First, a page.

14 Days left to submit your 2016/17 self assessment return

The following Tax Events are due on 31st January 2018:

Personal Tax Events

Deadline for submitting your 2016/17 self assessment return (£100 automatic penalty if your return is late) and the balance of your 2016/17 liability together with the first payment on account for 2017/18 are also due.

This deadline is relevant to individuals who need to complete a self assessment tax return and make direct payments to HMRC in respect of their income tax, Classes 2 and 4 NI, capital gains tax and High Income Child Benefit Charge liabilities. 

There is a penalty of £100 if your return is not submitted on time, even if there is no tax due or your return shows that you are due a tax refund.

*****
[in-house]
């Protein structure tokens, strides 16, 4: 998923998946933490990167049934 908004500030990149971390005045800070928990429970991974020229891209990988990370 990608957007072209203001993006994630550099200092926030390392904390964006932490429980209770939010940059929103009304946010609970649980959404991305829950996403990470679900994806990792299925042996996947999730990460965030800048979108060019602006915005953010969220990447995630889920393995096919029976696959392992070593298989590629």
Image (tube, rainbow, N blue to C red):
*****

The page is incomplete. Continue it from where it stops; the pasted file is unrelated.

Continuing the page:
The balance of any outstanding income tax, Classes 2 and 4 NI, capital gains tax and High Income Child Benefit Charge for the year ended 5th April 2017 is due for payment by 31st January 2018.  Where the payment is made late interest will be charged.

The first payment on account for 2017/18 in respect of income tax and any Class 4 NI or High Income Child Benefit Charge is also due for payment by 31st January 2018.

If we have already dealt with your self assessment return on your behalf you need take no action.

If you haven’t completed your self assessment return yet please contact us, we can help. 0116 2423400 or send us an email info@torrwaterfield.co.uk